Rhythm Heaven Megamix – Review

If you are a fan of rhythm games and have owned a Nintendo system at any time, you have probably already experienced Rhythm Heaven games at least once. With Rhythm Heaven Megamix, Nintendo repacks the series’ classics with shiny new content, ready to take over your 3DS for longer than you’d wish for. Do you have enough flow to keep in time with this chaotic mess?

Feels like Rhythm Heaven

The plot is as simple as is gets. You encounter a creature called Tibby, who wants to go back to Rhythm Heaven. As the way is paved with dozens of different encounters, you have to beat in order to advance to your destination of target. On your way, you will meet a bunch of weird people, animals and things, all offering new and exciting rhythm minigames, that mostly only last a minute. It is true that the game could have gone without the accompanying story, but clicking through the dialogue sequences didn’t really bother me, as they are short and require no loading screens at all. For kids and undemanding people, I think that the story can be enjoyed, as it perfectly fits the silly animations and tunes.

rhythm-heaven-megamix-birds

Japan’s best

The sheer amount of Rhythm Heaven Megamix‘ minigames is incredible. Moreover, the characters of each chapter are dynamic and expressive, which would have been another reason for not including a story. The franchise’s one-of-a-kind visual presentation has even improved since the last entry, an offers an even more diverse pool of different art styles and themes. None of the games included feels or looks like the other. You can immediately see that this product comes from Japan, as it holds all of the country’s craziness and expresses it with catchy music. I caught myself repeating games even after mastering them, just to hear the memorable tunes again. Even though the game has no real audible dialogue, you can switch languages in the menu, which merely changes the way how characters count at the beginning of each game. Despite my preference for English localisations, this fitted the overall style way better and allowed for a more authentic experience of Japanese weirdness.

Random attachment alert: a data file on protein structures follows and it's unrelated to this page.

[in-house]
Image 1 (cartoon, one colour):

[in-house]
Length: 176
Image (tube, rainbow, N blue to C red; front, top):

A challenge for all ages

Contrary to other rhythm games, the control scheme of Rhythm Heaven Megamix is fairly simple. Most of the games just revolve around pressing A at the right time, which sounds simple, but can become incredibly hard. Especially after finishing the main campaign, there are many modes to come back to that require a lot of patience and flow. But despite offering a real challenge in later stages, the beginning is really accessible for newcomers eager to play their first rhythm game, and even kids who have yet to develop some kind of musical sense.

Rhythm Heaven is a place on Earth

Rhythm Heaven Megamix goes well beyond being a simple compilation of little rhythm minigames. Every song and game in this huge collection is special and charming in its own way, and offers fun for all ages and skill levels. Now is the perfect chance to revisit the franchise’s catchy mess of songs and probably an even better one to hop in for the first time.

What we liked:

  • Catchy tunes
  • Amount of content
  • Local multiplayer
  • Creative art styles

What we didn’t like:

  • Dispensable story

9 rating

Shinigaming

This review was written using a Nintendo 3DS review code provided by Nintendo. What is your favourite rhythm game? How do you like the different art styles of this one? Tell us in the comments, on Facebook, or on Twitter!

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